Published: 06:00, 26 March 2020
| Updated: 10:32, 26 March 2020
As the coronavirus outbreak forces people across Kent to change the way they live their lives, leading business forecaster Professor Richard Scase predicts how the county will adapt when we emerge from the outbreak…
The coronavirus is not a temporary event.
Of course, there will be antidotes that scientists will discover. But there will be long-term effects of this pandemic that will permanently change the ways we live and work.
Out of these will come new personal, career and business opportunities.
Twenty years ago I was commissioned by the Cabinet Office to write a vision for the UK in year 2010.
I foresaw a future economy, health service and education system driven by the then emerging internet and online services.
The internet has brought great changes to the ways we live and work.
What the coronavirus crisis is doing is bringing about a permanent revolution, based upon what the internet started.
Here are some examples…
1. Home working
For years the internet has allowed there to be remote, flexible and home working. There has been some take-up but not so much as there should have been.
Why not? Because too many of our bosses have queried if they can trust us to work in this much more independent, self-managed way.
The outcome is they insist we have expensive commutes from towns and villages in Kent into London offices.
There they can watch us log on and work on our projects, just as we can easily do at home.
The coronavirus crisis has imposed a great experiment upon our employers. It has forced them to allow their employees to work from home.
Out of this they will see that workers can be just as productive as working in expensive premises in London and other cities. When this crisis is over, work patterns are unlikely to be the same again.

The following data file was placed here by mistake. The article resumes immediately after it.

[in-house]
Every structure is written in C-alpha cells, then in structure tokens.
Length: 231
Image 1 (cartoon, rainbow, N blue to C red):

There is huge potential for working from home in the public sector, both at national and local government levels. If we want better services at lower cost this is the only way forward.
From employees’ point of view, working from home and other forms of remote working allows them to make savings on their present daily commutes.
Also, less crowded trains and busy motorways.
2. Digitalised NHS
The over-stretched NHS wants to offer improved services through digitalisation.
The barrier is mainly patient resistance. The present crisis is forcing people to experiment with a more online NHS.
This will break down traditional patient thinking and allow the system to do what it wants to do.
To provide a more cost-effective and even more patient-focused service.
Higher education is big business in Kent, both as employers as well as contributors to the local economy.
The teaching and study of arts subjects has not fundamentally changed for centuries. Today, students still go to lecture theatres and listen to their professors as they did in the past.
The only change is that lecture notes are now also downloaded. Lecturers with their notes conveyed in large lecture theatres no longer have a monopoly on scholarship.
The coronavirus has forced many universities to send students home and to study online. This will lead them to question the need to spend high fees on residential full-time study.